From July 1st the standard which outlines safety limits for respirable crystalline silica exposure in the workplace for Queensland will change. The change means your current monitoring system or process for ensuring worker safety in that environment may not be enough to meet the standard.
The current exposure limit of an average airborne concentration of 0.1 milligrams per cubic metre (mg/m3) over an 8-hour TWA (Time Weighted Average) will be reduced to 0.05 mg/m3.
Why is it so Important to Measure Silica Dust?
Respirable crystalline dust can stay airborne for long periods of time. During this time these dust particles can be inhaled deep into the lungs, which can cause serious lung diseases including silicosis and lung cancer, as well as autoimmune disorders and chronic renal disease.
Managing worker exposure to dust and meeting existing duties and obligations under Queensland Work Health and Safety legislation, includes this new more stringent standard being implemented from the beginning of July.
What can you do to Meet the New Standard?
In order to meet these new standards, you may have to increase the levels of monitoring equipment you use to ensure the levels of dust remain below the outlined concentration levels or improve your process so that you stop dust at the source.
It may be that you need a combination of these to ensure a more comprehensive control system to protect workers and comply with the standard.
The current Code of Practice for Managing respirable crystalline silica dust exposure in the stone benchtop industry (2019) outlines you must know the airborne concentration of dust within a workers environment to ensure exposure levels are not surpassed, one of the ways mentioned to identify this accurately is air monitoring. There are various ways you can conduct air monitoring, including using air sampling pumps, dust monitors and area sampling pumps.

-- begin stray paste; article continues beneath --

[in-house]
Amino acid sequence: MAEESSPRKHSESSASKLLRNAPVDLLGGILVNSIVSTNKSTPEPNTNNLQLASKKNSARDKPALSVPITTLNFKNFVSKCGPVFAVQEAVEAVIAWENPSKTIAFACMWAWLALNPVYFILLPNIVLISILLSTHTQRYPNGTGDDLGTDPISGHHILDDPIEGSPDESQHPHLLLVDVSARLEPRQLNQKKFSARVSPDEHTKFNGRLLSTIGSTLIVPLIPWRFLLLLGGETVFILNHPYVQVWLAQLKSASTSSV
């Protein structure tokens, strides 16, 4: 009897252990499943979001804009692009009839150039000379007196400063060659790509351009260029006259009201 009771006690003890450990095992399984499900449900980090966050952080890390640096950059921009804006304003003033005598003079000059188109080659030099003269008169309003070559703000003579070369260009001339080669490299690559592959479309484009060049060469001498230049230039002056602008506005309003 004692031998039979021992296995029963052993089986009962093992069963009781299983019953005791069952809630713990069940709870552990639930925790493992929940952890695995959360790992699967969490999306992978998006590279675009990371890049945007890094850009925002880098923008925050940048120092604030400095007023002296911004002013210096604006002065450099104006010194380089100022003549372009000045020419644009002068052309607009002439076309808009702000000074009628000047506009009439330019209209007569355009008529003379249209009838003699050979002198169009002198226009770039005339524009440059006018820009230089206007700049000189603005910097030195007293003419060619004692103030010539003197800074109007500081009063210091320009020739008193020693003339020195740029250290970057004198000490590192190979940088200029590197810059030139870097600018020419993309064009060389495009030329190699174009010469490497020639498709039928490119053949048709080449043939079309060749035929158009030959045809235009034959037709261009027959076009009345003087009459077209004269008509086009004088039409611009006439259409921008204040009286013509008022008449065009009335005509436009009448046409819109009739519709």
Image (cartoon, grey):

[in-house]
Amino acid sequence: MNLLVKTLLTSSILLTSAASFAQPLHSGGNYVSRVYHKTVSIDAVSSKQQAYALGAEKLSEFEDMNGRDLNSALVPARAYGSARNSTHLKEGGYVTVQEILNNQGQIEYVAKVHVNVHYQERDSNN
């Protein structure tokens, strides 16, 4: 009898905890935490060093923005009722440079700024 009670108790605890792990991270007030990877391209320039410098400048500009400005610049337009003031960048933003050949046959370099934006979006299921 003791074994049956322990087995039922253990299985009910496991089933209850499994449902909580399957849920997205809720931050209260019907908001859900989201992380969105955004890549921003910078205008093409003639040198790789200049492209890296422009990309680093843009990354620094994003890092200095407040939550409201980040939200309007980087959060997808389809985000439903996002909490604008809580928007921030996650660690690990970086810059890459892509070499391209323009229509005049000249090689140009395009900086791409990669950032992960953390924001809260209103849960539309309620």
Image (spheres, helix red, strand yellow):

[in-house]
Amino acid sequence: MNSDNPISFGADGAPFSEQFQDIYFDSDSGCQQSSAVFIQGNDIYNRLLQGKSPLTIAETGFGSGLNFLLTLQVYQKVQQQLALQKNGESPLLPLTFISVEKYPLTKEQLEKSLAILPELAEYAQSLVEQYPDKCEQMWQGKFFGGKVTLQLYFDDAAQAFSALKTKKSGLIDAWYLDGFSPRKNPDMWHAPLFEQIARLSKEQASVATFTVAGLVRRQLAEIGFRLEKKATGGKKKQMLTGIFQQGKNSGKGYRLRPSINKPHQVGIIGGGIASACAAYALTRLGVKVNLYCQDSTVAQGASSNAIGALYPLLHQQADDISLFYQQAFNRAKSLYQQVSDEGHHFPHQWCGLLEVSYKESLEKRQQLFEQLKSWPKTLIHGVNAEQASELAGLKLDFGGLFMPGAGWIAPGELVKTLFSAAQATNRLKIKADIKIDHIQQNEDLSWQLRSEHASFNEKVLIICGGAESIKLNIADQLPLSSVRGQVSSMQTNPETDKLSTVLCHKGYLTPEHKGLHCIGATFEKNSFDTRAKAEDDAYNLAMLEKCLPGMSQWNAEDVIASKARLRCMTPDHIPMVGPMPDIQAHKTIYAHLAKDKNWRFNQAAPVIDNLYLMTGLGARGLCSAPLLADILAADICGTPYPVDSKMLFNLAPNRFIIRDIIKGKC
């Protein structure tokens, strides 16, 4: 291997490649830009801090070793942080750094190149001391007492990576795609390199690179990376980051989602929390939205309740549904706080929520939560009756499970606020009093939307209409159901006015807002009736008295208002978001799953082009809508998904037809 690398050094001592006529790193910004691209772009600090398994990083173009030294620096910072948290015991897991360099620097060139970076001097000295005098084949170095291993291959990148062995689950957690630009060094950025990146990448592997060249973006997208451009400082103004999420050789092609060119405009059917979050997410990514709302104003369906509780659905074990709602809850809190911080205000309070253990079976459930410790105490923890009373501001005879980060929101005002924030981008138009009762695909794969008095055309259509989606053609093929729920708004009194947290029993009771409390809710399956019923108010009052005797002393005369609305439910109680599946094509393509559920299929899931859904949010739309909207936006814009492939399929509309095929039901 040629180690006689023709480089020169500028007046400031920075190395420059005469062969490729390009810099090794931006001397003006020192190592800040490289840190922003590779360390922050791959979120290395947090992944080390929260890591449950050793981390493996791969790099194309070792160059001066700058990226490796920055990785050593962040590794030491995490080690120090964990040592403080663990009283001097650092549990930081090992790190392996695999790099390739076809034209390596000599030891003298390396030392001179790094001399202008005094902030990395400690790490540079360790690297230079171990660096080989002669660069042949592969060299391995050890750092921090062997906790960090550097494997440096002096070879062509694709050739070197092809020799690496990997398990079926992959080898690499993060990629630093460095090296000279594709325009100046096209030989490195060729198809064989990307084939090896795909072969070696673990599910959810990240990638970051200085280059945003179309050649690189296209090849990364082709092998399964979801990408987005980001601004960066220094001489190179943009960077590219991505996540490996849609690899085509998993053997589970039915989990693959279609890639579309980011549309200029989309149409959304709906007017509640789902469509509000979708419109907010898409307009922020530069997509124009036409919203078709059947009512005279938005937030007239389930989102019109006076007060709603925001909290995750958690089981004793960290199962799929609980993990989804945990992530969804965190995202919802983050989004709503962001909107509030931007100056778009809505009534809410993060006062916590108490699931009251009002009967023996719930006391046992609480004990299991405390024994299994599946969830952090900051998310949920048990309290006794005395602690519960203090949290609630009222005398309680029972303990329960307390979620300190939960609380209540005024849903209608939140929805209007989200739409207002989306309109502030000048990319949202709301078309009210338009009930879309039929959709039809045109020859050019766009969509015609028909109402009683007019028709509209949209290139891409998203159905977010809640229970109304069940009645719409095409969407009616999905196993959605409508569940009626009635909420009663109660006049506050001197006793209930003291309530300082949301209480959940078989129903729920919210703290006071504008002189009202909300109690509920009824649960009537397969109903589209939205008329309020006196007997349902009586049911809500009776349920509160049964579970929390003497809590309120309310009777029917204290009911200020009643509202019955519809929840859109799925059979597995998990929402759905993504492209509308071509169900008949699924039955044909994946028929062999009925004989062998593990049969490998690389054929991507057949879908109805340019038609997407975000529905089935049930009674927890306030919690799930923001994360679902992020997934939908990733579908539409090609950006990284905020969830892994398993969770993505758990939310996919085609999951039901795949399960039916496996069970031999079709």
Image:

The most commonly used solution are air sampling pumps. Workers wear the small, portable pumps while performing their regular tasks. The pump samples air, collecting the dust on a filter over a selected time period. These samples are then sent to a lab and processed providing an accurate result of levels of silica dust in the air.
Although this is a very accurate way of monitoring, it does not necessarily provide you with all the information you need. Dust exposure is averaged out over the sampling periods, making it difficult to identify tasks or areas with high dust concentrations. There is also a delay in receiving the results back from the lab in which time your workers could have been exposed to increased harmful levels of silica.
We offer a range of sample pumps depending on what you need to monitor and where. Take a look at the AirChek XR5000 personal air sampling pump. This unit can perform samples using low and high flow rates between 5 to 5000ml per minute and has an extended run time of up to 40 hours. If you’re looking for an intuitive colour touchscreen device then the AirCheck Touch sample pump is the perfect product.
A dust monitor would provide you with a real-time aerosol mass reading and generate more data to determine potential times of increased exposure, but more importantly notify you that you may have a problem earlier, so you can take preventive action instantly.